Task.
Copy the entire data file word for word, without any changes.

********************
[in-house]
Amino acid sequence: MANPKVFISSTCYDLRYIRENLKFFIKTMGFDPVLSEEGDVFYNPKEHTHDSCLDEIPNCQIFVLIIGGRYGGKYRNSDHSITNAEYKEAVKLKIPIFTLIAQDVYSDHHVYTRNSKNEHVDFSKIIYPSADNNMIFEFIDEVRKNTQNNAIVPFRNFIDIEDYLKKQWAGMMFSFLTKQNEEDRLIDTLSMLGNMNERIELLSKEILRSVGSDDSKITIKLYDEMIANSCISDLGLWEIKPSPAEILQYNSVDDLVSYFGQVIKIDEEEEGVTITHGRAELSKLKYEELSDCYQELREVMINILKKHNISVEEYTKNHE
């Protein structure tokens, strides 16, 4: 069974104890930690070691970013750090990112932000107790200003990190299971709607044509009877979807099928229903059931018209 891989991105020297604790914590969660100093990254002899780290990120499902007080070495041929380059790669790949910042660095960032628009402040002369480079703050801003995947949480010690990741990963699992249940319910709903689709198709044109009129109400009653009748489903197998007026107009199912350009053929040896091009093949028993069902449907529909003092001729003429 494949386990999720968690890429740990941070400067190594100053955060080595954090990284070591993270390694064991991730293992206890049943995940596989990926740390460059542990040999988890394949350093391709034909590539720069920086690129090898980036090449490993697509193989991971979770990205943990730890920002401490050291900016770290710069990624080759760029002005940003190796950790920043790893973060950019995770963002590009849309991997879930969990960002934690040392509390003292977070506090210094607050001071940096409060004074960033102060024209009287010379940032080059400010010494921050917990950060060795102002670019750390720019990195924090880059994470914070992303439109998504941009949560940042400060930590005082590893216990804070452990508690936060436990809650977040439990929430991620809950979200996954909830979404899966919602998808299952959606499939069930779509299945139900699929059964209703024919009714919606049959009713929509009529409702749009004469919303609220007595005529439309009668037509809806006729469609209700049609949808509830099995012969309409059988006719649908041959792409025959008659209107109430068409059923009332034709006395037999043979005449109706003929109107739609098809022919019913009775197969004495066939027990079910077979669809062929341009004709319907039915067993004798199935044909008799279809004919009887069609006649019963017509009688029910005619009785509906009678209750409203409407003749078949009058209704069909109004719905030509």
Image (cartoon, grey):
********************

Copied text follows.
[in-house]
Amino acid sequence: MANPKVFISSTCYDLRYIRENLKFFIKTMGFDPVLSEEGDVFYNPKEHTHDSCLDEIPNCQIFVLIIGGRYGGKYRNSDHSITNAEYKEAVKLKIPIFTLIAQDVYSDHHVYTRNSKNEHVDFSKIIYPSADNNMIFEFIDEVRKNTQNNAIVPFRNFIDIEDYLKKQWAGMMFSFLTKQNEEDRLIDTLSMLGNMNERIELLSKEILRSVGSDDSKITIKLYDEMIANSCISDLGLWEIKPSPAEILQYNSVDDLVSYFGQVIKIDEEEEGVTITHGRAELSKLKYEELSDCYQELREVMINILKKHNISVEEYTKNHE
């Protein structure tokens, strides 16, 4: 069974104890930690070691970013750090990112932000107790200003990190299971709607044509009877979807099928229903059931018209 891989991105020297604790914590969660100093990254002899780290990120499902007080070495041929380059790669790949910042660095960032628009402040002369480079703050801003995947949480010690990741990963699992249940319910709903689709198709044109009129109400009653009748489903197998007026107009199912350009053929040896091009093949028993069902449907529909003092001729003429 494949386990999720968690890429740990941070400067190594100053955060080595954090990284070591993270390694064991991730293992206890049943995940596989990926740390460059542990040999988890394949350093391709034909590539720069920086690129090898980036090449490993697509193989991971979770990205943990730890920002401490050291900016770290710069990624080759760029002005940003190796950790920043790893973060950019995770963002590009849309991997879930969990960002934690040392509390003292977070506090210094607050001071940096409060004074960033102060024209009287010379940032080059400010010494921050917990950060060795102002670019750390720019990195924090880059994470914070992303439109998504941009949560940042400060930590005082590893216990804070452990508690936060436990809650977040439990929430991620809950979200996954909830979404899966919602998808299952959606499939069930779509299945139900699929059964209703024919009714919606049959009713929509009529409702749009004469919303609220007595005529439309009668037509809806006729469609209700049609949808509830099995012969309409059988006719649908041959792409025959008659209107109430068409059923009332034709006395037999043979005449109706003929109107739609098809022919019913009775197969004495066939027990079910077979669809062929341009004709319907039915067993004798199935044909008799279809004919009887069609006649019963017509009688029910005619009785509906009678209750409203409407003749078949009058209704069909109004719905030509």
Image (cartoon, grey):